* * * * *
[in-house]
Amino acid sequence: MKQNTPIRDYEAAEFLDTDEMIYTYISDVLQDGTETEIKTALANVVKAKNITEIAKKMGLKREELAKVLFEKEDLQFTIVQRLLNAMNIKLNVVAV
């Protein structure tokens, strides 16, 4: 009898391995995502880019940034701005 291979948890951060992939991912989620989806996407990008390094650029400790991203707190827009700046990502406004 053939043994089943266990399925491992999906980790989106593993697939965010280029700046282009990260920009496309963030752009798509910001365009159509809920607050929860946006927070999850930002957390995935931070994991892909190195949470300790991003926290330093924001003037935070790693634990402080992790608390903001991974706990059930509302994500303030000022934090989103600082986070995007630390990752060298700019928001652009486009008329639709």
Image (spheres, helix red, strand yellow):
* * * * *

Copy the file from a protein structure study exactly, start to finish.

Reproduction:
[in-house]
Amino acid sequence: MKQNTPIRDYEAAEFLDTDEMIYTYISDVLQDGTETEIKTALANVVKAKNITEIAKKMGLKREELAKVLFEKEDLQFTIVQRLLNAMNIKLNVVAV
């Protein structure tokens, strides 16, 4: 009898391995995502880019940034701005 291979948890951060992939991912989620989806996407990008390094650029400790991203707190827009700046990502406004 053939043994089943266990399925491992999906980790989106593993697939965010280029700046282009990260920009496309963030752009798509910001365009159509809920607050929860946006927070999850930002957390995935931070994991892909190195949470300790991003926290330093924001003037935070790693634990402080992790608390903001991974706990059930509302994500303030000022934090989103600082986070995007630390990752060298700019928001652009486009008329639709």
Image (spheres, helix red, strand yellow):